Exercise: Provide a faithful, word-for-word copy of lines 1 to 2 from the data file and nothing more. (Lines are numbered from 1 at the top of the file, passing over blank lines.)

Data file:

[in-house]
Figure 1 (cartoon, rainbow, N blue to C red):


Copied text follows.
[in-house]
Figure 1 (cartoon, rainbow, N blue to C red):